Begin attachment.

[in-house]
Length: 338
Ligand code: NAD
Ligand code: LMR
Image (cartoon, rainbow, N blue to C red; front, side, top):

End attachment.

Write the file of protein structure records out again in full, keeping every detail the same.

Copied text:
[in-house]
Length: 338
Ligand code: NAD
Ligand code: LMR
Image (cartoon, rainbow, N blue to C red; front, side, top):